They finish rehashing past events with nothing being solved, and Beyonder seems to get riled up again when Volcana returns to the room.

Molecule Man suggests that it’s probably his immense power that is keeping him from finding fulfilment, and suggests he lets himself become mortal.

The Beyonder thinks he’s just suggesting that so he can find a way to kill him, but then calls him too big a wimp to try.

The Beyonded decides to destroy all existence instead. (The inevitable moment we’ve all been waiting for. Any outsider that would spend any significant amount of time with humanity would ultimately come to the same conclusion: we must be destroyed. I’m surprised it took him this long.)

The Molecule Man pleads with him to think it over, and the Beyonder agrees, giving them 24 hours.

The Beyonder pops over to a luxurious San Francisco hotel, uses his powers to have them kick out the penthouse suite guests, and then makes his waitress fall in love with him at dinner.

No matter what he does, the anger won’t subside, and so he causes an earthquake. (I’ve said before about how the Beyonder's maturation as a sentient being somewhat emulates a real human’s growth. Following that line of thought, this would be the age in which most human beings are old enough to understand just how terrible the world really is, driving them to anger and bitterness. Human beings are just the worst, they really are.)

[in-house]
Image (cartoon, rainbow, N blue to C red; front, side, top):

He asks the waitress why life means so much to mortals, and she responds with “maybe it’s because life’s so short.” The Beyonder is annoyed by this reoccurring concept of mortal life and death, and cruelly toys with the waitress before sending her away.

Suddenly, he is attacked by the X-Men.

All attacks by the X-Men should be accompanied by the target saying, “Oh, for Pete's sake--! Get real!” Because the X-Men are bumbling idiots, you see.
The Beyonder easily subdues Magneto, Colossus, and Shadowcat. Rachel Grey uses the power of the Phoenix and makes a spectacular show of things, but is easily defeated as well.

There’s never been a sufficient reconciliation of this version of the Phoenix force has there?
The Molecule Man, watching the events unfold from Denver, begins to panic, and uses his immense power to create a hard bubble to protect them and the city. In case the Beyonder carries through on his threats to destroy everything.

The Beyonder happens to see it as he floats by, and destroys it, mocking the Molecule Man for his efforts.